Location is Something, or Is It?


This experiment is to check the horizontal (or vertical, if you wish) muon rate in various locations which have different amounts of apparent shielding.  You will keep the telescope in whatever orientation you decide (say, horizontal and aligned N-S) and vary the amount of material around it by choosing appropriate locations.


You should have one trial from outdoors where there are no buildings or hills nearby (you’ll need shelter, security, and electricity).  Another location might be inside a wooden frame building.  Still another might be a concrete and steel building with many walls between the telescope and the outside world. Then, perhaps you could seek out a basement or underground space where muons would have to come through truly large amounts of dense material to reach the detectors.  You might want to try varying the location in a systematic way, such as different floors of a tall building, or different distances from the exterior of a wide building, so that you could graph your results.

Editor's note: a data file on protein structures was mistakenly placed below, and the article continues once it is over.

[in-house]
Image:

For each of the locations, calculate the count rate and uncertainty in the rate.


Try to account for any real differences in count rate. Differences are likely real when two rates differ by more than the square root of the sum of the squared uncertainties.